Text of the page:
Warning: The major event in “Knock at the Cabin” involves the burning of books. Without giving too much away, this latest film by M. Night Shyamalan serves as a strong counterexample to the idea that Hollywood only promotes liberal messages. Amid a year that has seen the release of movies such as “Top Gun: Maverick,” “Tár,” and “Avatar: The Way of Water”—all of which embody illiberalism—“Knock at the Cabin” stands out as the most daring, imaginative, and radical of them all. The film starkly presents a conflict between faith and reason, portraying a faith-based order that is willing to use violence to achieve its redemptive vision. What's jarring is Shyamalan's call to action, urging liberal and progressive members of American society to meet violent religious radicals halfway before they resort to more extreme measures.

The premise of the movie involves the Four Horsemen of the Apocalypse—some of whom are not men and arrive by truck instead of horseback—visiting an ordinary American family, turning a mundane home-invasion thriller into a cosmic spectacle of metaphysical chaos. This suspenseful movie relies heavily on plot, with any discussion running the risk of spoiling it. The family at the heart of the story is made up of Andrew, a human-rights lawyer; Eric, whose job is unclear; and their daughter, Wen, adopted from China and nearly eight years old. They are vacationing in a cabin in deep woods, far from cell-phone signals. Their intruders include Leonard, a second-grade teacher from Chicago and Sabrina, a nurse from Southern California. The quartet's motivation is to find the one family that can match their vision and help them redeem the world, after each of them had been haunted by apocalyptic visions that forced them to give up their livelihoods and unite with one another, despite great personal cost.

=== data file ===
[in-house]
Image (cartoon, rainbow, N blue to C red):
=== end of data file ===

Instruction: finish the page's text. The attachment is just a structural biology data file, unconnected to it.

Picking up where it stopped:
“Knock at the Cabin” is an extreme adaptation of Paul Tremblay's novel “The Cabin at the End of the World.” The themes of faith versus reason and resistance versus compromise remain the same, but the action deviates drastically from the book once the quartet enters the cabin. Shyamalan's vision is not a criticism of this divergence (as many great adaptations are similarly extreme), but it borders on the outrageous. The script emphasizes the foursome's destructive tendencies, making their wrath all the more conspicuous. The film's attitude toward resistance and moral responsibility is also different from the book, as it conflates the intruders' metaphysical and temporal power.

Whether it's delusions of rigged elections, conspiracies, or vaccinations, faith-like visions of absolute certitude about ridiculous ideas permeate American politics and society. These visions are often backed up by guns and money. “Knock at the Cabin” is a warning about the potential knock at the door that any of us may face under a regime of religious fascism, possibly for having the wrong books in the wrong places. However, Shyamalan also seems to be attempting to soften viewers to accept and comply with the outrageous and devastating demands of the religious right, urging his audience to meet them halfway to prevent further escalation. In doing so, the film takes the fight out of its viewers, both figuratively and literally, and serves as a work of anti-resistance cinema.

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